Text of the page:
January 29th, 2021 Read Time: 5 minutes
Justin Sheil is the Content Marketing Manager at Electric. He has 5+ years experience writing about a wide range of technology topics. As part of his role at Electric, he currently functions as the head of the company’s Research & Insights division.
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With a sharp increase in the implementation of new technologies, supply chain attacks have escalated exponentially. Hackers are continually seeking new means to infiltrate companies, finding entry points via vendors and third-party suppliers. Therefore, as a company, you must consider not just how well-prepared your internal organization is to defend against threats but also the threats vendors and third-party suppliers introduce into your organization.
A supply chain attack entails continuous infiltration processes or network hacking to gain access to an organization's network in order to cause outages or disruptions that eventually harm the target company.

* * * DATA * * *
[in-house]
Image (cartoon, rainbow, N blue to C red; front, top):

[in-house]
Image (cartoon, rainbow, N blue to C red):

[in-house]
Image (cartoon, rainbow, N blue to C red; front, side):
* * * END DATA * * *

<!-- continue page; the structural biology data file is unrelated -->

By attacking the weakest links within the organization's network, hackers can hit multiple targets at once as well as wreak serious havoc — way before an organization is able to detect a security breach. Such an attack can result in disrupted or installed operations, millions of dollars being lost, as well as a brand's reputation being destroyed.
If software update files are posted on unsecured websites or sent through unsecured channels, hackers can replace an authentic update file with one that includes malware. Malicious software updates may also result from a compromised update server. This kind of supply chain attack is launched before the software update gets delivered to the company's internal network.
Once the infected software gets to the company, the malware inside it will be released to infect other IT systems within its internal network. An supply chain attack example related to this method is the SolarWinds attack, where malware was deployed as part of an update from their own servers and then digitally signed by a legitimate certificate bearing their name.